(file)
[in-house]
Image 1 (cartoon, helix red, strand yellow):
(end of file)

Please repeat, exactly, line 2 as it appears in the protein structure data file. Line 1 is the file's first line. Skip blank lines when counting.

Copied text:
Image 1 (cartoon, helix red, strand yellow):